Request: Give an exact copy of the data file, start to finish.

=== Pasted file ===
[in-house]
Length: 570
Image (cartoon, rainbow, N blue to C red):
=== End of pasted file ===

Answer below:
[in-house]
Length: 570
Image (cartoon, rainbow, N blue to C red):